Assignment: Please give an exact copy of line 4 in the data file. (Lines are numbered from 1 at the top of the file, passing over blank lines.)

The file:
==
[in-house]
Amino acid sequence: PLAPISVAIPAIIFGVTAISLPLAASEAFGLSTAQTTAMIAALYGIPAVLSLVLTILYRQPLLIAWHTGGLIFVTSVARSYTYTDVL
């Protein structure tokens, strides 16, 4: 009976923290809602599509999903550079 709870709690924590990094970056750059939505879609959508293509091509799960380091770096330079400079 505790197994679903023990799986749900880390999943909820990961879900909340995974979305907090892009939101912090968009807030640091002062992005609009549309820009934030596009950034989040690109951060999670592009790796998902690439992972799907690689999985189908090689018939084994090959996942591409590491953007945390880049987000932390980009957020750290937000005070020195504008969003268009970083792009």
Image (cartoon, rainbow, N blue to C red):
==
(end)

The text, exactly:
Image (cartoon, rainbow, N blue to C red):